Boaters are asked to be on the lookout for manatees as they travel in the St. Johns River and Halifax/Indian River.
These slow-moving marine mammals are frequently struck by boats, which can lead to deep wounds, internal damage and even death. Last year, 119 manatees died from boat strikes in Florida.
Because manatees are often difficult to see, Debbie Wingfield, Volusia County’s manatee protection program manager, urges boaters to follow these guidelines.
- Obey posted speed limits.
- Wear polarized sunglasses to eliminate the sun’s glare and see below the water’s surface.
- Avoid boating over seagrass beds and shallow areas where manatees might be feeding.
- Be aware that manatees also use deep-water channels when traveling.
- Look for a snout, back, tail or flipper breaking the water’s surface.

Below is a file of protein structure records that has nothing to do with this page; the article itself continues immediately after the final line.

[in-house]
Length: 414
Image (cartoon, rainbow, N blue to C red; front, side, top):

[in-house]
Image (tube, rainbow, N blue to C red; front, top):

- Watch for “manatee footprints,” swirls or flat spots on the water created by a manatee’s tail when it dives or swims.
- Remain at least 50 feet away from a manatee when operating a powerboat.
- If you plan to jet-ski, water-ski or participate in other high-speed watersports, choose areas that manatees cannot frequent, such as land-locked lakes or waters well offshore.
- If you hit a manatee or see an injured manatee, call the Florida Fish and Wildlife Conservation Commission at 888-404-FWCC (3922).
For more information visit MyFWC.com